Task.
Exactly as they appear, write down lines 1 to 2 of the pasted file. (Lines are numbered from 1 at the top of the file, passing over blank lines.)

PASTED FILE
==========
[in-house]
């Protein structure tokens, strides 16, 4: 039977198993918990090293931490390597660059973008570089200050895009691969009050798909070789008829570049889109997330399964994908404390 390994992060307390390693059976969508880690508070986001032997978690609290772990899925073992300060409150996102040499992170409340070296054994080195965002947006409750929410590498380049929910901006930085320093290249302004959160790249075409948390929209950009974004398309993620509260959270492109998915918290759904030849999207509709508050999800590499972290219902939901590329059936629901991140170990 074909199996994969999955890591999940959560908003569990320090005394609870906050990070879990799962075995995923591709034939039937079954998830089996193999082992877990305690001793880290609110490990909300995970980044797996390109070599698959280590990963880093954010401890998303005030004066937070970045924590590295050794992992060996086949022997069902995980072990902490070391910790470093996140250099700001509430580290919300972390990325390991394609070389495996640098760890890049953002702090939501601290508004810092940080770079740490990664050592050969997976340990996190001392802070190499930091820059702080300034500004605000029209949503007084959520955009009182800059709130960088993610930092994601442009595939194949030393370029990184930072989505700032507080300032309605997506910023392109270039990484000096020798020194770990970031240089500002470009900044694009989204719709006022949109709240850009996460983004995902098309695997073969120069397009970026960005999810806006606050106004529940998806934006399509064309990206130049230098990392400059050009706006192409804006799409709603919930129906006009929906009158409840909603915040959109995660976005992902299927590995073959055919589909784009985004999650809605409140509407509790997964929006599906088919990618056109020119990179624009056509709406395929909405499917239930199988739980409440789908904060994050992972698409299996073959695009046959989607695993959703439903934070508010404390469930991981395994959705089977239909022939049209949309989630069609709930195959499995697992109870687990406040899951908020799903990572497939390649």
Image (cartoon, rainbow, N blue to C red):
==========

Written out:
[in-house]
């Protein structure tokens, strides 16, 4: 039977198993918990090293931490390597660059973008570089200050895009691969009050798909070789008829570049889109997330399964994908404390 390994992060307390390693059976969508880690508070986001032997978690609290772990899925073992300060409150996102040499992170409340070296054994080195965002947006409750929410590498380049929910901006930085320093290249302004959160790249075409948390929209950009974004398309993620509260959270492109998915918290759904030849999207509709508050999800590499972290219902939901590329059936629901991140170990 074909199996994969999955890591999940959560908003569990320090005394609870906050990070879990799962075995995923591709034939039937079954998830089996193999082992877990305690001793880290609110490990909300995970980044797996390109070599698959280590990963880093954010401890998303005030004066937070970045924590590295050794992992060996086949022997069902995980072990902490070391910790470093996140250099700001509430580290919300972390990325390991394609070389495996640098760890890049953002702090939501601290508004810092940080770079740490990664050592050969997976340990996190001392802070190499930091820059702080300034500004605000029209949503007084959520955009009182800059709130960088993610930092994601442009595939194949030393370029990184930072989505700032507080300032309605997506910023392109270039990484000096020798020194770990970031240089500002470009900044694009989204719709006022949109709240850009996460983004995902098309695997073969120069397009970026960005999810806006606050106004529940998806934006399509064309990206130049230098990392400059050009706006192409804006799409709603919930129906006009929906009158409840909603915040959109995660976005992902299927590995073959055919589909784009985004999650809605409140509407509790997964929006599906088919990618056109020119990179624009056509709406395929909405499917239930199988739980409440789908904060994050992972698409299996073959695009046959989607695993959703439903934070508010404390469930991981395994959705089977239909022939049209949309989630069609709930195959499995697992109870687990406040899951908020799903990572497939390649």